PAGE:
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Author Topic: indoor antenna  (Read 14990 times)
KJ4DHI
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Posts: 39




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« on: January 13, 2013, 07:43:50 AM »

Help. My station is located in my business office. The office is located on the ground floor of a concrete block 2 story building that has no windows. My operating preferences are pretty much whatever my tech licenses priveledges are. Any help would be greatly appreciated, and I know I'll get it because I always get good advice from you guys out there.
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K5LXP
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« Reply #1 on: January 13, 2013, 09:53:14 AM »

A 2M/440 mag mount on a filing cabinet connected to an HT would be an easy/quick start and would give you an idea of the viability of your location for indoor antennas that are more involved.  Any aspirations for HF operating?  What equipment do you have?

Your expectations should be tempered by the fact that the building will be your limiting factor, not any  antenna.  You won't know how/if it will work until you try something.


Mark K5LXP
Albuquerque, NM

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KJ4DHI
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« Reply #2 on: January 13, 2013, 06:40:04 PM »

My operating is mostly HF QRP CW on an HW-8.
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VE3WMB
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Posts: 288




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« Reply #3 on: January 13, 2013, 08:33:38 PM »

Have you considered operating portable from a local park?  You would probably do better with a temporary portable antenna than an indoor antenna at your office.  I would recommend building something like a segmented dipole for the bands of interest and erecting it as an inverted vee, either using a line over a tree as a center support or a 30 ft fiberglass mast such as the DK9SK, MFJ or Jackkite.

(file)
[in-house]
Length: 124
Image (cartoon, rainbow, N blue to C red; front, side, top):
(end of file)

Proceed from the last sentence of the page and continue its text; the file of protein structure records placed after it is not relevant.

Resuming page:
Here is a link to a typical segmented dipole design which can be modified to cover other bands.
I build mine using spade lugs and alligator clips to connect the segments together.

http://wa3wsj.homestead.com/iditarod_mini__dipole.pdf

Best of luck

Michael VE3WMB


Help. My station is located in my business office. The office is located on the ground floor of a concrete block 2 story building that has no windows. My operating preferences are pretty much whatever my tech licenses priveledges are. Any help would be greatly appreciated, and I know I'll get it because I always get good advice from you guys out there.
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WB2WIK
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« Reply #4 on: January 14, 2013, 02:06:00 PM »

A concrete block building with no windows is unlikely to work for VHF-UHF with an indoor antenna, but it's easy to give it a try.

I'd try to get something up on the roof.
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WB6BYU